This is Super Tuesday. John Kerry has virtually cinched the Democratic nomination for president. So this is a good day to discuss leadership as the second post in our series about a winning strategy for Democrats this year. Sun Tzu teaches that a good leader is smart, trustworthy, caring, brave, and disciplined. Sun Tzu defines the two skills of a leader as knowledge and vision, knowing his situation and recognizing its opportunities. He must be intelligent to make good decisions, the key role of a leader. A leader must be trustworthy and caring to attract and hold followers. He must be brave enough to commit himself to his vision, but he must be disciplined enough to control his emotions and keep going.
No one is perfect in all of these regards, and John Kerry wouldnâ€™t be the nominee unless he had shown some strength in each of these five areas. Kerry is clearly is caring in a way that is appealing within the Democratic mainstream. He has also proven to be disciplined in campaigning. The further he is behindâ€”such as in Iowaâ€”the harder he works. I suspect he is very bright (though, so far, he has demonstrated little knowledge of strategy). He was both brave and trustworthy under during his military service and in the Senate. While in the Senate, he took many minority stands, such as his vote against the Defense of Marriage Act (DOMA), which were both courageous and keeping trust with the views of his constituency. As a senator, however, he has had little opportunity to demonstrate his abilities of knowledge or vision. The fact that he has never been the chief sponsor of a key piece of legislation seems to show some weakness in these areas.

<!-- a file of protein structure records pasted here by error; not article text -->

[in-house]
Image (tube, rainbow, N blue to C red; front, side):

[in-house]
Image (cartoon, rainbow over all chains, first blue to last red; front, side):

Sun Tzu also lists five weaknesses of a leader. Leaders can be too fearless, too careful, too emotional, too idealistic, and too attached to individuals. Here, we know less about John Kerry because, as a Senator, he hasn't been a real decision-maker. Will Kerry over-reach himself because he is too confident? Will he be too careful about not offending anyone? Will he overreact when, as is inevitable, a negative news story takes hold in the press? Will he be too idealistic to adjust his liberal roots to mainstream tastes? These are characteristics that will be tested for in the coming race.